Monday, August 22, 2011

ESOL Mythbusters

It is time to go back to school, and that means that many teachers are meeting their students for the first time. Some teachers may be surprised to learn that they have more students in their class who speak a second language in the home than they expected.

According to the National Council for Teachers of English, English Language Learners (ELLs) now comprise 10.5% of the K-12 student population. Furthermore, in grades 7-12, the number of ELLs increased 70% between 1992 and 2002. So, it makes sense to take a closer look at some of those myths about ELLs and BUST them!

Myth: A student has acquired a second language once he or she can speak it.
As I discussed in this article, there are two types of language that we acquire when learning a second language. The first is Basic Interpersonal Communication Skills (BICS), which allow us to complete everyday tasks like following directions, making small talk, and asking and answering questions. The other type of language we acquire is called Cognitive Academic Language Proficiency (CALPs). This is the type of language that allows us to be successful in a school environment- academic vocabulary and structure. Research shows that it takes approximately 1-2 years to master BICS, and 5-7 years (or more) to master CALPs. Educators must be aware of and make the distinction between the two types of language in order to properly assess their student's level of language proficiency. A good example for most teachers is to think back to your own foreign-language learning in high school or college. Unless you majored in foreign language, you likely acquired only enough of that language to be a successful tourist or at most, a conversationalist. If you were placed in an academic environment with that level of language, you would have a very difficult time, despite the fact that you "speak" the language!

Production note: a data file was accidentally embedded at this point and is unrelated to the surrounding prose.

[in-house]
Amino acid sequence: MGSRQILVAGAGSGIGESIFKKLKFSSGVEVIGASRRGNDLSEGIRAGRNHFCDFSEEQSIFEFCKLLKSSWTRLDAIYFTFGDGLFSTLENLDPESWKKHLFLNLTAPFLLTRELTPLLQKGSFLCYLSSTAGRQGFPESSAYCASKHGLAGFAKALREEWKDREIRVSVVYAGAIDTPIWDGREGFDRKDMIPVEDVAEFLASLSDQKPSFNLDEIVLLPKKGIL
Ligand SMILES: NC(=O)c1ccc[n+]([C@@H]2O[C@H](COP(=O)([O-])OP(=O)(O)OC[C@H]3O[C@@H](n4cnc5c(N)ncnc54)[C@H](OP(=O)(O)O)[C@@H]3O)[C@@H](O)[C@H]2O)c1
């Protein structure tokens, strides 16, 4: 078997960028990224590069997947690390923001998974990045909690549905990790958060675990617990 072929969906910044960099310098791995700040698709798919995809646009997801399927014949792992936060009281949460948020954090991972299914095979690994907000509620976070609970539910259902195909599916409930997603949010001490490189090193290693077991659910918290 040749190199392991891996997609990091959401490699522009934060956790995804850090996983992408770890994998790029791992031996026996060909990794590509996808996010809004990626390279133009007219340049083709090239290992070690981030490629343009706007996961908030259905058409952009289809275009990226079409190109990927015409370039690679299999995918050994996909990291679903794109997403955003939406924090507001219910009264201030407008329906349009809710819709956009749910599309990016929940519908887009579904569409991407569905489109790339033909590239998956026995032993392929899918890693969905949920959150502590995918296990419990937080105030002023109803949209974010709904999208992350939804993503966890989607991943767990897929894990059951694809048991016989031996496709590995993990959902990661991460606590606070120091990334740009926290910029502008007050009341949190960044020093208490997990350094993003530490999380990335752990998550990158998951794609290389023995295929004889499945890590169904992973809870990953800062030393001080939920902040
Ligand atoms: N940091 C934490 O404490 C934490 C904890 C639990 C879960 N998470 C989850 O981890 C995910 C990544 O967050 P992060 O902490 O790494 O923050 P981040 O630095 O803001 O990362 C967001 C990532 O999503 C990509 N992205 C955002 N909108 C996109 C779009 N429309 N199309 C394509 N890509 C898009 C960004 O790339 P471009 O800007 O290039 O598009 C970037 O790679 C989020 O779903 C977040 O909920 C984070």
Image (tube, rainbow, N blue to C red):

Myth: Second language learning processes are the same for all students.